Partnerships have been struck with both of Sheffield’s universities – one Sheffield University scheme, focusing on methods of growing food without soil, involves connecting a fish tank to a bed of tomatoes lined with what look like ceramic baking beans. Waste from the fish fertilises the plants, which in turn send back clean water to the tank.

“There’s a recognition now that charities like ours in Sheffield are really contributing to understanding better what improves people’s quality of life,” Sue says. “People are coming to us with quite complex needs. It might be fuel poverty, mental health or unemployment, but the activities people can access here, whether it’s helping out in the café or growing seedlings in the polytunnels, are not really the point. It’s what they get out of it.”

This is all hard to quantify, she admits.

“I can feel it, tangibly, when I’m here and see it in action. But funders and commissioners like to see it all mapped out neatly on paper. ‘Distance travelled’, they like that – where was this person on their journey when they came to the farm, and where are they now. We’ve got measurement tools for that.”

Sue, 55, was previously a manager at Voluntary Action Sheffield, and before that held an equally senior role with Sheffield Cubed, which merged with VAS. She grew up in Burngreave, went to Myers Grove School and then studied languages at Leeds University. A career in academic publishing introduced her to books about the environment; this led to a 16-year spell with The Conservation Volunteers, a national charity. Married, she has two sons, Stephen, 28, and Jamie, 17.

Where John’s approach might have been strident, she hopes to be quietly persuasive.

“Some local charities in Sheffield have folded recently,” she reasons. “If the state can’t afford to fund things properly anymore, and charities are picking up that need and resourcing it by hook or by crook, then the state is being subsidised. And that’s not a sustainable way forward. It just needs to be spoken about, and not be the elephant in the room.”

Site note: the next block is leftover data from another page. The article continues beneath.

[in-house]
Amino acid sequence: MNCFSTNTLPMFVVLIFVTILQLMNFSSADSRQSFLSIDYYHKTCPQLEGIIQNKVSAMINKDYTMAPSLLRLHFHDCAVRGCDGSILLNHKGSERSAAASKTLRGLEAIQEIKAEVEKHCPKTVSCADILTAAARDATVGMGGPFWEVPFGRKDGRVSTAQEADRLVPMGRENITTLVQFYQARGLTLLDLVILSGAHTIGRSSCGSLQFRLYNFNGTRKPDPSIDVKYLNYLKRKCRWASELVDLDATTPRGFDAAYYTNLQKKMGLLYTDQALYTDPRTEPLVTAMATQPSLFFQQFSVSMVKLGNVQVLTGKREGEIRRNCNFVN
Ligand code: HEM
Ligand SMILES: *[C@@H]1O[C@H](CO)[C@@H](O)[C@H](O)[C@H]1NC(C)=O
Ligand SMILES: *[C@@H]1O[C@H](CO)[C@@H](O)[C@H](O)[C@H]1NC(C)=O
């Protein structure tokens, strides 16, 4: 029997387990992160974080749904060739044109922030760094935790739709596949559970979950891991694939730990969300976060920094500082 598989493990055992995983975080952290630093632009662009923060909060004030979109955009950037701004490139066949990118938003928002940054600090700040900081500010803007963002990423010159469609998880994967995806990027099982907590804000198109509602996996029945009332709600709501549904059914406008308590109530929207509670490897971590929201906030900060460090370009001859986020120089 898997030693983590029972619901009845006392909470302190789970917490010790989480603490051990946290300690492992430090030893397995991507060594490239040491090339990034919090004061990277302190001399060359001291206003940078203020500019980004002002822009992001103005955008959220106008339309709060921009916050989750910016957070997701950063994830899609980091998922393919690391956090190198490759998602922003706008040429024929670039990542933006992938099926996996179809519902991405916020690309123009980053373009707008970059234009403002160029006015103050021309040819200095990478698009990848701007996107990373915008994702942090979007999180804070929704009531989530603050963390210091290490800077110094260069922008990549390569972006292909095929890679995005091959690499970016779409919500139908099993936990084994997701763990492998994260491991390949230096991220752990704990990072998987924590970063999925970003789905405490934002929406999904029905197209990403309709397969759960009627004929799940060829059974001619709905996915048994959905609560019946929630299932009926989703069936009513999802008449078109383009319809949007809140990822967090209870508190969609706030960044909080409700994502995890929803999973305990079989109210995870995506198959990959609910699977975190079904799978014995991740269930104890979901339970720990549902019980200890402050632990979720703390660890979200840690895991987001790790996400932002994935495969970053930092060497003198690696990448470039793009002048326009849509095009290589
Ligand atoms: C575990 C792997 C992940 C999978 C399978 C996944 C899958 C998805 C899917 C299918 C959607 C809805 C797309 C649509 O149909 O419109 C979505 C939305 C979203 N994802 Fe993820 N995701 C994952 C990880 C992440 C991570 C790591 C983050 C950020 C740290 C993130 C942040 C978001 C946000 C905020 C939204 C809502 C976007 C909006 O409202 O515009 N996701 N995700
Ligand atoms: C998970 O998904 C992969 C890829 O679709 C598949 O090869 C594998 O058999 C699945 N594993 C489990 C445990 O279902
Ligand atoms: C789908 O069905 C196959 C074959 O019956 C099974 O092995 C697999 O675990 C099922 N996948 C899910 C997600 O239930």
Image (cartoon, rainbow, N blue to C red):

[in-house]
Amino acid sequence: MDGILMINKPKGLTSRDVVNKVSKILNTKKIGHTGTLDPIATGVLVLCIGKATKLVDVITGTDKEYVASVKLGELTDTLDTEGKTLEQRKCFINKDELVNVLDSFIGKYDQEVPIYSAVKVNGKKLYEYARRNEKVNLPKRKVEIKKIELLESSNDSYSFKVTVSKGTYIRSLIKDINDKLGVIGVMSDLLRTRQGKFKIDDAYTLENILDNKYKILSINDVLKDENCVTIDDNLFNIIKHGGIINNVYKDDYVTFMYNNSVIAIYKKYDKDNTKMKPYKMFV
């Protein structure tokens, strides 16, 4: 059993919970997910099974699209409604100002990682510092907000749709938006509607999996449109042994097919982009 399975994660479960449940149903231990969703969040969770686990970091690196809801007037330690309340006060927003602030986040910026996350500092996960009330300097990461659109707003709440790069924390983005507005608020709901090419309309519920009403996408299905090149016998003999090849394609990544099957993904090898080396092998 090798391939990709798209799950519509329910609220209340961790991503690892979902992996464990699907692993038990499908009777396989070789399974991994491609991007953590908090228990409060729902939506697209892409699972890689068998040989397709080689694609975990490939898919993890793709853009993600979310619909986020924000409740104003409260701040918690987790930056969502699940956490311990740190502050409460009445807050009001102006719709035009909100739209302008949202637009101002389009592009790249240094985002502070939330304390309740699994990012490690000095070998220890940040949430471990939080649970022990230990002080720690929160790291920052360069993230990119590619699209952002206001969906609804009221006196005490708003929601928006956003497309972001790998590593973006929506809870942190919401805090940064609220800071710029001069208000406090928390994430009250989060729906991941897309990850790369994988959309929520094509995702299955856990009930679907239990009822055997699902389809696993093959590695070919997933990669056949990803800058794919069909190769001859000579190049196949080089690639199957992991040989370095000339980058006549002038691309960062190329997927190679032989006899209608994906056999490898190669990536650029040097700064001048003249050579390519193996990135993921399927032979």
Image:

Sheffield Council no longer provides a grant, and one large sixth form college sends students to work with the animals, without giving a donation. “In the past we’ve done things because it’s the right thing to do. But somebody, somewhere, is not resourcing that properly.”

The Heeley Festival recently attracted 3,500 visitors and there was ‘about 30 quid in the donation box’, Sue adds. “It’s never easy. I don’t want to get into whinging mode.”

There is, she emphasises, a strategy in the form of a business plan for the next three to five years. Refurbishments are being considered and new projects are taking shape, including an initiative in Gleadless Valley aimed at enriching people’s diets with fruit and vegetables.

“I’m very excited, and genuinely up for this challenge. I hope we never lose that sense of how lucky we are.”

'We're still amazed'

Heeley City Farm sprang up on land where houses once stood and residents endured more than a decade of worry over a proposed bypass.

The road would have run through the area, parallel with London Road, but the idea was dropped in 1978. The blighted homes were not eligible for improvement grants, so were pulled down over a three-year period.

The council suggested using the land for light industry, but the community had a greater vision.

“They stood together,” says John Le Corney. “They had a vested interest in seeing something here.”

The notion of a city farm was dreamed up by the Heeley Residents Association, and work began on site in July 1981.

“It just happened,” says John. “We’re still amazed.”

Trainees, staff and volunteers also manage organic vegetable gardens at Meersbrook Park, Wortley Walled Gardens and Firth Park allotments. The last remaining terraced home that evaded the bulldozers now houses the South Yorkshire Energy Centre, and the farm is open all year round, except Christmas Day.